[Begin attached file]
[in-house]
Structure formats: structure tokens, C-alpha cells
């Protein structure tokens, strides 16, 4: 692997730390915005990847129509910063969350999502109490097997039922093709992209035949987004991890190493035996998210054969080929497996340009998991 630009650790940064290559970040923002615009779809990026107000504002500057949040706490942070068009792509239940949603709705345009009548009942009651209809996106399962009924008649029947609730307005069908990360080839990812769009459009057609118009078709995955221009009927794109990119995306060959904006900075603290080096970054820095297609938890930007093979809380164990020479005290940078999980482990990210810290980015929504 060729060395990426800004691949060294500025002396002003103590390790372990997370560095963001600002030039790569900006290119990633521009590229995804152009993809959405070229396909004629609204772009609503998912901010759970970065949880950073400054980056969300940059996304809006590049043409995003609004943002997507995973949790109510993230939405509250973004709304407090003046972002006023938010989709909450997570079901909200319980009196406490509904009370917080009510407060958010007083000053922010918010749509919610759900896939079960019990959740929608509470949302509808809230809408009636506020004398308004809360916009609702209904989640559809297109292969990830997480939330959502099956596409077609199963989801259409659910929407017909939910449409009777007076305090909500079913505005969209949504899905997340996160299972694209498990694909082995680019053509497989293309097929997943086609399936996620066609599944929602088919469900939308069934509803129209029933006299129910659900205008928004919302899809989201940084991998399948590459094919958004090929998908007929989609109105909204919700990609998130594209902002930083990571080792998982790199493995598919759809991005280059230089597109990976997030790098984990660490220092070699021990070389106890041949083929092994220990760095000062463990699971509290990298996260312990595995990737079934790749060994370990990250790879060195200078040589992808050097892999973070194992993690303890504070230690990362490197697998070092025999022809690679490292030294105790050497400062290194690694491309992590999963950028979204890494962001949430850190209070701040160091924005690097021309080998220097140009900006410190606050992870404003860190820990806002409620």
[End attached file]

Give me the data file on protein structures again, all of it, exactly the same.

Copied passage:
[in-house]
Structure formats: structure tokens, C-alpha cells
């Protein structure tokens, strides 16, 4: 692997730390915005990847129509910063969350999502109490097997039922093709992209035949987004991890190493035996998210054969080929497996340009998991 630009650790940064290559970040923002615009779809990026107000504002500057949040706490942070068009792509239940949603709705345009009548009942009651209809996106399962009924008649029947609730307005069908990360080839990812769009459009057609118009078709995955221009009927794109990119995306060959904006900075603290080096970054820095297609938890930007093979809380164990020479005290940078999980482990990210810290980015929504 060729060395990426800004691949060294500025002396002003103590390790372990997370560095963001600002030039790569900006290119990633521009590229995804152009993809959405070229396909004629609204772009609503998912901010759970970065949880950073400054980056969300940059996304809006590049043409995003609004943002997507995973949790109510993230939405509250973004709304407090003046972002006023938010989709909450997570079901909200319980009196406490509904009370917080009510407060958010007083000053922010918010749509919610759900896939079960019990959740929608509470949302509808809230809408009636506020004398308004809360916009609702209904989640559809297109292969990830997480939330959502099956596409077609199963989801259409659910929407017909939910449409009777007076305090909500079913505005969209949504899905997340996160299972694209498990694909082995680019053509497989293309097929997943086609399936996620066609599944929602088919469900939308069934509803129209029933006299129910659900205008928004919302899809989201940084991998399948590459094919958004090929998908007929989609109105909204919700990609998130594209902002930083990571080792998982790199493995598919759809991005280059230089597109990976997030790098984990660490220092070699021990070389106890041949083929092994220990760095000062463990699971509290990298996260312990595995990737079934790749060994370990990250790879060195200078040589992808050097892999973070194992993690303890504070230690990362490197697998070092025999022809690679490292030294105790050497400062290194690694491309992590999963950028979204890494962001949430850190209070701040160091924005690097021309080998220097140009900006410190606050992870404003860190820990806002409620």